China & Coronavirus — How Many Elites Will Allow Themselves to Feel ‘Anti-China Sentiment’?

Political News


People pass by portraits of Chinese President Xi Jinping and late Chinese chairman Mao Zedong as the country is hit by the coronavirus, Shanghai, China, February 10, 2020. (Aly Song/Reuters)


Beijing faces a wave of anti-China sentiment led by the United States in the aftermath of the pandemic and needs to be prepared in a worst-case scenario for armed confrontation between the two global powers, according to people familiar with the report’s content, who declined to be identified given the sensitivity of the matter.

The report was drawn up by the China Institutes of Contemporary International Relations (CICIR), a think tank affiliated with the Ministry of State Security, China’s top intelligence body.

No doubt, the Chinese government deserves every denunciation, sanction, snub, and consequence that it gets as a result of how it handled the outbreak of the coronavirus. Grassroots outrage, throughout the world, will drive that “anti-China sentiment” and push policies in directions opposed to Beijing.

But if the past few months have taught us anything, it is that a lot of powerful people in the West really want to minimize the disruption to existing Chinese relationships overseas.

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Before the outbreak, Joe Biden insisted, “they’re not bad folks, folks. But guess what, they’re not competition for us.” Former Starbucks CEO Howard Schultz called China an American ally and shrugged that his company is not in “a position to proactively effect social and political change” in China. America, sure, but not China. Mike Bloomberg insists the Chinese Communist Party listens to the public, and the news organization that bears his name buried reports that could embarrass Chinese leaders.

Even now, Bill Gates argues China did a lot of things right when the outbreak started and investigating China’s handling of the virus early on is a waste of time. The editor of The Lancet medical journal happily appeared on Chinese state-run media, declaring, “China isn’t responsible for this pandemic.” American media institutions regularly repeat the implausible claims of Chinese state media with bizarre credulity. Politico helpfully informs us on Twitter, “Trump is getting roasted on Chinese Twitter for his virus response” — without mentioning that Chinese social media is monitored and censored.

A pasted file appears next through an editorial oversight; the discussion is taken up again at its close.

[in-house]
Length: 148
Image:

Just about every corner of corporate America built its long-term strategies on access to the billion Chinese in that country’s market, and basically reorganized themselves and their entire corporate culture to ensure that no little matter like concentration camps or brutal crackdowns in Hong Kong could disrupt their good relationship with officials in Beijing. A lot of elites in the West and around the world invested their fortunes and their reputations on staying on the good side of Xi Jinping.

If there is going to be a future American or Western conflict with China — militarily, proxy war, through espionage, or ideological like the Cold War — it will be one where the majority of the leaders in the West are, at best, conscientious objectors. Or they may simply decide that they prefer Beijing’s side.


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